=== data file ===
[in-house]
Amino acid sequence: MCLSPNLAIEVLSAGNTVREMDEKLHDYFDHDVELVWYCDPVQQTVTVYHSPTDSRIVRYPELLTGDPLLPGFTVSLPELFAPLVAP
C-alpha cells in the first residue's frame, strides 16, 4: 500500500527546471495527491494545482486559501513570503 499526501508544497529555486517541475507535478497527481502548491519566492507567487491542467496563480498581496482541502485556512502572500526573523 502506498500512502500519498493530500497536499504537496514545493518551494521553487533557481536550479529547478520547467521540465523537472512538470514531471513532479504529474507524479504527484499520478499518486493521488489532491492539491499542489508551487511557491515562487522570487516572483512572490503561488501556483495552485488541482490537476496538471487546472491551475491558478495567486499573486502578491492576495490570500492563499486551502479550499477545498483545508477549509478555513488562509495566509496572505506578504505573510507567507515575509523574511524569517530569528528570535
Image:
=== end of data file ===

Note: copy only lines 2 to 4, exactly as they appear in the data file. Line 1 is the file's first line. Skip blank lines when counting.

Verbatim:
Amino acid sequence: MCLSPNLAIEVLSAGNTVREMDEKLHDYFDHDVELVWYCDPVQQTVTVYHSPTDSRIVRYPELLTGDPLLPGFTVSLPELFAPLVAP
C-alpha cells in the first residue's frame, strides 16, 4: 500500500527546471495527491494545482486559501513570503 499526501508544497529555486517541475507535478497527481502548491519566492507567487491542467496563480498581496482541502485556512502572500526573523 502506498500512502500519498493530500497536499504537496514545493518551494521553487533557481536550479529547478520547467521540465523537472512538470514531471513532479504529474507524479504527484499520478499518486493521488489532491492539491499542489508551487511557491515562487522570487516572483512572490503561488501556483495552485488541482490537476496538471487546472491551475491558478495567486499573486502578491492576495490570500492563499486551502479550499477545498483545508477549509478555513488562509495566509496572505506578504505573510507567507515575509523574511524569517530569528528570535
Image: